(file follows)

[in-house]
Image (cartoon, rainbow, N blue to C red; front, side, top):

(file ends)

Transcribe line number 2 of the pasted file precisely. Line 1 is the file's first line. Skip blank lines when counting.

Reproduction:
Image (cartoon, rainbow, N blue to C red; front, side, top):